Never mind

Never mind. Fifteen Characters

Yes, you can do that, but instead of physically removing the hard drive you might want to connect one externally and boot from there. This will affect performance but you will be able to try it out, and you don't need an entire drive just a simple USB stick.

Note that this method is meant for a test run and to launch the installer. It won't be as performant and all files created will be gone on the next reboot. If you want a more lasting experience you can consider a dual-boot method, where you install ZorinOS alongside Windows and choose which one you'd like to use on startup. The downside of course is that you'll have less disk space available and it's a bit more complicated to setup.

A third option, if you already have an additional drive, you can clone your Windows drive onto the external one. Then, install ZorinOS as usual. If it doesn't work out for you, use the external drive with the Windows image to clone it back, as if nothing ever happened. Note that for this method to work the external drive must be of at least the same size as the one installed in your computer.

Or, if you really just want to replace drives physically, that's also perfectly fine.

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Alternatively, use Rescuezilla to backup your Windows 11, or use a Windows dedicated backup tool such as Acronis, or try the free ones, from Easeus or Paragon.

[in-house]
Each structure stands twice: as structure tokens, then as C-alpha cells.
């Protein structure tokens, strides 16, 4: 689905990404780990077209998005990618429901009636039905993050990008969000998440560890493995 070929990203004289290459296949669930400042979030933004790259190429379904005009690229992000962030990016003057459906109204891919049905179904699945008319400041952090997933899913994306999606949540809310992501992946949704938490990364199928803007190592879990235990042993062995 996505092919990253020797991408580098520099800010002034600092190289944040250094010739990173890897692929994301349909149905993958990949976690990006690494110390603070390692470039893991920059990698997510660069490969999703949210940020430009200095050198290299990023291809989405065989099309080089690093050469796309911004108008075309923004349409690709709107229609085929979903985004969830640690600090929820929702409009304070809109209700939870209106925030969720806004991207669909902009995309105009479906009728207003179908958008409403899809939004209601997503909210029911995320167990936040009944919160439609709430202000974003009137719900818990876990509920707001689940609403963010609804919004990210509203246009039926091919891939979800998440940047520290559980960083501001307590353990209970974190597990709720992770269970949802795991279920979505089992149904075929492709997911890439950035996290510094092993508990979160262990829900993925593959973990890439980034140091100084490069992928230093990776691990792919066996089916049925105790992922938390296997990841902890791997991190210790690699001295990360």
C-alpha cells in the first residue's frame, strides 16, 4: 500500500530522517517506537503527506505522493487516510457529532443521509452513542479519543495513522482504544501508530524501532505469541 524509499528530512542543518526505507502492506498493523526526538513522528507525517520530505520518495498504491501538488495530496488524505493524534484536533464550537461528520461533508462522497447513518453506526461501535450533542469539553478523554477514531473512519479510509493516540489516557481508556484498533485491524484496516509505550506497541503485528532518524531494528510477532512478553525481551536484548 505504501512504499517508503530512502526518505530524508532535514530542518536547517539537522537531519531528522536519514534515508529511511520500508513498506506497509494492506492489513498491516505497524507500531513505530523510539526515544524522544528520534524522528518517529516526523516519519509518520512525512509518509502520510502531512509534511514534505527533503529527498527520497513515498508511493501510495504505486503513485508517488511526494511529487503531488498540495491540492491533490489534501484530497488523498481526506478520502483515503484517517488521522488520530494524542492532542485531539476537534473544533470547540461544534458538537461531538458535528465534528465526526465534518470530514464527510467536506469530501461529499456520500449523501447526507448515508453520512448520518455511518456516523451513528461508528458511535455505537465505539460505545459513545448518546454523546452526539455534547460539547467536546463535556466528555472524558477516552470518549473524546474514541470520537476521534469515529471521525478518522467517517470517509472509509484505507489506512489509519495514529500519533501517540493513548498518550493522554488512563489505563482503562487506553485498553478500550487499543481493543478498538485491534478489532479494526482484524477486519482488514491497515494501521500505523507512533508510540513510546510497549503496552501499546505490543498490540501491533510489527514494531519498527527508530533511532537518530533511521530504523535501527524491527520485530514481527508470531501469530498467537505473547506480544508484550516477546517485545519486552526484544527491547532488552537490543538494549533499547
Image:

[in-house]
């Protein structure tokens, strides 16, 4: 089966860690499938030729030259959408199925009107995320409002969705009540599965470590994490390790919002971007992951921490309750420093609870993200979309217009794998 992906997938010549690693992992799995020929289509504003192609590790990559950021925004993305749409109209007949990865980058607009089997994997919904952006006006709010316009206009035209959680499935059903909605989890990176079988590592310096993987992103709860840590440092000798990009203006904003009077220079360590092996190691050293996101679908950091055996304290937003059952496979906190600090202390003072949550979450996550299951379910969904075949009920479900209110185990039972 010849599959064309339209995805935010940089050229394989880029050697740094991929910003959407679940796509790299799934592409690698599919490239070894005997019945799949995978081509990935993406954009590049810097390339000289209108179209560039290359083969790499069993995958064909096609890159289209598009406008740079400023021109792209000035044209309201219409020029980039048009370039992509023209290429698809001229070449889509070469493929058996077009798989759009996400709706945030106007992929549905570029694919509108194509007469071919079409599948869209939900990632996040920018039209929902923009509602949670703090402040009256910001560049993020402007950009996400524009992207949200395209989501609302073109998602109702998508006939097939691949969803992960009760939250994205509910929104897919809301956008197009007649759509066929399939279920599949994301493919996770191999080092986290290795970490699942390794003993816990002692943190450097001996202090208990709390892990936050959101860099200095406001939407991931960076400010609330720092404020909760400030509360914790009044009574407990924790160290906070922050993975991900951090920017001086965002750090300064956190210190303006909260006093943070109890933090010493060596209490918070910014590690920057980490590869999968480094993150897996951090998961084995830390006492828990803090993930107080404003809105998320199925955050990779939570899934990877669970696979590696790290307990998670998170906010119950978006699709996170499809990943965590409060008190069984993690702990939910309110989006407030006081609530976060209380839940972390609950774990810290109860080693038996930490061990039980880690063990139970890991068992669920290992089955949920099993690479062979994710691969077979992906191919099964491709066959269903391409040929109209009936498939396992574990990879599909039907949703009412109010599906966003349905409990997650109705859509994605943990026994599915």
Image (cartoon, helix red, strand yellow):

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Swapping drives is how I started getting into it - long, long ago lol

Today, you can still do that - but, with Secure Boot, you'll have to toggle that. That's about the only thing I can think of, really. Or just leave it off, that works as well :wink: But, if you're in an environment where that might be an issue, that might be an issue.

Secure Boot - prevents random booting from external devices, other than the signed HD / SSD in the system - or the boot volume. It's still possible to set this up with Linux but, can be a little difficult with driver installs.

So, if you're in an environment where you may have potential thieves of information - disabling Secure Boot can be an issue for sensitive information. But, Secure Boot is normally a Windows thing, usually auto-set by the installer when doing the install. I have used Secure Boot with Linux, specifically Zorin 16.3 - and have Nvidia GPU, so that was always a pain to update.

That's all :+1:

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I did a guide for dual booting that works well, then installing Refind for your boot source once in Zorin is installed - allows you to easily choose where to boot, and also the choice to go into bios or even window advanced settings - can be configured many ways.

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